The manor of Leighton, later known as Grovebury, appears in the Domesday Book as part of the ancient demesne of the Crown. It was the largest of the royal manors in Bedfordshire, and consisted in 1086 of 47 hides. Seventeen of these had been added by Ralph Tallebosc, whereof ten had been held by Wensi the Chamberlain and seven by Starcher, a thegn of King Edward. Traditionally, the dean and canons farmed out the premises, and a lease of ninety-nine years was obtained in 1566 by Robert Christmas, by whom it was surrendered and the premises granted in 1576 for the remainder of the term to Francis Barnham and George Barnes, aldermen of London. (fn. 68) Their interest was doubtless transferred to Christopher, afterwards Sir Christopher, Hoddesden, who was lessee in 1587. From: 'Parishes: Leighton Buzzard', A History of the County of Bedford: Volume 3 (1912), pp. 399-417. URL: http://www.british-history.ac.uk/report.asp?compid=42455&strquery=barnham.
According to Boyd's Inhabitants of London, Francis Barnham, citizen & draper, freed seven apprentices: 1) John Kidd, citizen and draper, 8 May 1553; 2) Thomas Bye, citizen & draper, 6 Nov 1555; 3) Humfrey Chaffin, citizen & draper, apprenticed 1553 but no record of his freedom (the book is missing for 1561-1566), 4) William Garway, citizen & draper, no record of his freedom but he was shown as a master draper in 1594 and 1599; 5) Edward Cotton, citizen & draper, 11 Apr 1597; 6) Richard Mann, citizen & draper, 19 Dec 1597 and 7) Francis Rogers, citizen & draper, 26 Jan 1602. The last of these apparently completed his apprenticeship under the heirs of Francis.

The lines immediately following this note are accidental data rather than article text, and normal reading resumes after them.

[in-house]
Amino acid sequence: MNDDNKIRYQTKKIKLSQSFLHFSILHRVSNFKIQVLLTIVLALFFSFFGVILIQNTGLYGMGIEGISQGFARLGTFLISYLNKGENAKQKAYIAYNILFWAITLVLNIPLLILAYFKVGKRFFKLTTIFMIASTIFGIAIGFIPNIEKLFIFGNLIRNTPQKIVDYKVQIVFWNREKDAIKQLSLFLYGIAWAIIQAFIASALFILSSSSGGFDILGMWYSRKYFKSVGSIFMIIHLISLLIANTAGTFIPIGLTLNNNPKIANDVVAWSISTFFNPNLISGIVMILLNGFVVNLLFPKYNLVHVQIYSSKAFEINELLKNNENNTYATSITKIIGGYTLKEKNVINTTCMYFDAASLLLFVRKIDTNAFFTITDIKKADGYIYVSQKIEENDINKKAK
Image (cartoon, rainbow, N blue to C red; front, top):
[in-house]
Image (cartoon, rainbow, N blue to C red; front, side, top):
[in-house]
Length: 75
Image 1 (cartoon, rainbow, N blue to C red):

Francis himself was freed from his apprenticeship in 1541, becoming a master draper. He was alderman in 1568/69 and sheriff in 1570. He had a will dated 1576.
In his will, Francis requested to be buried in the church of Saint Clement, Eastcheap. Saint Clement is a church on Clement's Lane, near Eastcheap in the City of London. There has been a church on the site since the 11th century, if not before. It was one of the many churches destroyed by the Great Fire of London and rebuilt by Christopher Wren. The church claims to be the one featured in the nursery rhyme Oranges and Lemons. However, Saint Clement Danes, in the City of Westminster, also claims that honor.
Transcribed from The Visitation of London in the Year 1568: Barnham. Arms. Quarterly: 1 and 4, Sable, a cross engrailed between four crescents argent; 2 and 3, Azure a pheon argent. (Bradbridge.) Franciscus Barnham de London Aldermannus et Draper 1570. m. Alicia filia et hæres - Bradbridge de comit. Sussex. Arms. Azure, a pheon argent. 2 Stephanus Barnham m. — filia Ric'd Patrik de London. Arms. Argent, three lions passant in bend sable between two cottices gules. m2. - filia - Bowyer vx. 2. Martinus Barnham de Holingburn in Cantie miles factus p. R. Jac. m. Vrsula filia Roberti Rudston. Benedictus Barnham Aldermannus, London & Drap. m. Dorothy filia Smyth renupta Johi Pakington militi. [Note: their daughter Alice m. Sir Francis Bacon].